The Expanding Field of Secondary Antibody Deficiency: Causes, Diagnosis, and Management
- 1Department of Clinical Immunology, John Radcliffe Hospital, United Kingdom
- 2Departamento de Inmunología Clínica, Hospital General Universitario Gregorio Maranon, Spain
- 3Immunodeficiency Centre for Wales, Department of Immunology, University Hospital of Wales, United Kingdom
Antibody deficiency or hypogammaglobulinemia can have primary or secondary etiologies. Primary antibody deficiency (PAD) is the result of intrinsic genetic defects, whereas secondary antibody deficiency may arise as a consequence of underlying conditions or medication use. On a global level, malnutrition, HIV, and malaria are major causes of secondary immunodeficiency. In this review we consider secondary antibody deficiency, for which common causes include hematological malignancies, such as chronic lymphocytic leukemia or multiple myeloma, and their treatment, protein-losing states, and side effects of a number of immunosuppressive agents and procedures involved in solid organ transplantation. Secondary antibody deficiency is not only much more common than PAD, but is also being increasingly recognized with the wider and more prolonged use of a growing list of agents targeting B cells. SAD may thus present to a broad range of specialties and is associated with an increased risk of infection. Early diagnosis and intervention is key to avoiding morbidity and mortality. Optimizing treatment requires careful clinical and laboratory assessment and may involve close monitoring of risk parameters, vaccination, antibiotic strategies, and in some patients, immunoglobulin replacement therapy (IgRT). This review discusses the rapidly evolving list of underlying causes of secondary antibody deficiency, specifically focusing on therapies targeting B cells, alongside recent advances in screening, biomarkers of risk for the development of secondary antibody deficiency, diagnosis, monitoring, and management.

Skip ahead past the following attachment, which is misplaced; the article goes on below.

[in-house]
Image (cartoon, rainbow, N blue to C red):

Keywords: secondary antibody deficiency, chronic lymphocytic leukaemia, Lymphoma, Multiple Myeloma, solid organ transplant
Received: 11 Jul 2018;
Accepted: 08 Jan 2019.
Edited by:Anne Puel, Institut National de la Santé et de la Recherche Médicale (INSERM), France
Reviewed by:Mike Recher, Universität Basel, Switzerland
John B. Ziegler, Sydney Children's Hospital, Australia
Copyright: © 2019 Patel, Carbone and Jolles. This is an open-access article distributed under the terms of the Creative Commons Attribution License (CC BY). The use, distribution or reproduction in other forums is permitted, provided the original author(s) and the copyright owner(s) are credited and that the original publication in this journal is cited, in accordance with accepted academic practice. No use, distribution or reproduction is permitted which does not comply with these terms.
* Correspondence: Prof. Stephen Jolles, Immunodeficiency Centre for Wales, Department of Immunology, University Hospital of Wales, Cardiff, United Kingdom, JollesSR@cardiff.ac.uk